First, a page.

I like videogames.

It’s true. I’m a geek, a nerd, a bona-fide dork. And I say this without shame. After all, videogames are the new Cops ‘n’ Robbers – all the fun of chasing other kids around with big sticks shouting “Bang! Bang!” without the danger of splinters, or grazing your knees, or going outside where the paedophiles lurk.

Well. All that aside, they’re just good fun. But there are problems with being a girl gamer.

For one, you’re never taken seriously. I used to play Aliens vs Predator 2 online several years ago. I was careful to pick a nice, non-gender-specific pseudonym, never mentioned my gender to anyone. I even avoided playing as the female characters (although they had sniper rifles) just to be on the safe side. And then, one day, another gamer (a friend of mine) let slip that I was a girl.

Within seconds, a flood of private messages from the other players: are you really a girl? are you hot? how old are you?

I didn’t reply to them. I figured ignoring them was the smartest thing to do. Not so. The messages then became ruder, more pornographic. They weren’t sent privately anymore, either: they were broadcast publicly.  girls can’t play shooters, hey […], show me your tits, why won’t you talk to us you slut

It’s the sort of thing you joke about, this sexism within gamer communities, and this was the first time I’d experienced it first hand. The word ‘cunt’ appeared with alarming frequency within private messages. Eventually, I quit playing that game online altogether. I enjoyed it, but I didn’t want the baggage that came with being a girl. I haven’t played online since; it’s not just the fear of being ‘exposed’ as female that stops me, but something more basic. I just don’t want to be part of a community in which this sort of misogyny is so normalised. Not one of those gamers attempted to defend me, or chastise them for their rudeness. In fact, the overall impression I got was that I’d asked for all this attention by virtue of being female.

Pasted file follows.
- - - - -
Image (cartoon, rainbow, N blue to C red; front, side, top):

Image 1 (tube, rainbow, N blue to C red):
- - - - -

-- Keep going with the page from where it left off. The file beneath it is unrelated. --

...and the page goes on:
I don’t know if this sort of thing goes on in all gaming communities. In fact, I’ve heard positive things from some about Counter Strike and Halo among others, so maybe I just had the bad luck to stumble upon a group of particularly immature, sexist gamers. But the whole thing left me feeling pretty cold about playing online.

It’s a shame because there are a lot of women and girls who enjoy playing games, despite their being traditionally a bastion of male entertainment, and to my mind this number can only increase if there is an effort, both by the makers of videogames and by the established gaming community to stop alienating them because of their gender, to forego the ingrained ‘girls can’t play games’ attitude, the assumption that women only like chick flicks and shoes and have no interest in, say, shooting banditos in Red Dead Redemption or racing spacecraft in Wipeout. Hey, some us like to unwind with a little God of War, and furthermore, we’re not uniformly butch lesbians (although who cares if we are? It doesn’t make us any less female)

I know Facebook is hardly the best place to get balanced opinions on gender politics, but the sheer number of groups equating Call of Duty for men with sandwich-making duties for women is enough to get my inner Dworkin all ablaze with feminist rage. I’m sure there are plenty of women who have zero interest in playing games, and that’s absolutely fine – but it really doesn’t prove that all women would prefer a pair of Manolo Blahniks to a shiny new PS3 (fuck the shoes, I can’t walk in the bastards anyway)